Item # 823752
The REI Member Dividend
The REI dividend is a unique benefit of membership in the REI co-op. It's comprised of your member refund—typically 10% back on eligible purchases—and/or your REI Visa® card rebates.
Each March, active REI members and REI Visa cardholders who earned a rebate receive a refund in the form of an annual dividend notice.
Only active members receive annual dividend notices. To maintain your active status as an REI member, you need to make net merchandise or shipping purchases of at least $10 per year, unless you joined that year. Member numbers are issued in one name and only that person receives the member refund. Your number can be used by others in your family, but it cannot be transferred to someone else.
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Reviewed by 1 customer
Displaying review 1
Comments about Scarpa Maestrale Randonee Boots - Men's - 2011/2012:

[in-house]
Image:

This is a very comfortable touring boot. It also provides excellent downhill performance. It's not the lightest boot out there, but considering the price, comfort, and downhill performance it's a great product. It drives my Dynafit Stokes perfectly from powder to boilerplate. It drives my BD Justice perfect in powder and manageably on the hardpack. It is a light, moderately stiff boot - hence the performance decreases with a bigger ski on harder snow. Comparing it to my previous boot, the Dynafit Green Machine, it is far more comfortable - both for touring and the down. It is less stiff (rigid) than the Green Machine, but far more comfortable while still providing comparable downhill performance. The one downfall of the Maestrale is the ski/tour mechanism. I can't remember the last time it locked into ski mode without me having to beat on the back of the boot (near the shaft) to get it to lock in. This is annoying, but I've never not been able to get it to lock into ski mode. My old Dynafit Greens didn't have this problem much at all, but when it did happen I couldn't get them to lock into ski mode no matter what I did (including taking the boot off, the liner out of the shell, and trying to fix it while standing on a snow ledge I dug out at the top of a 45 degree, 15' wide couloir).
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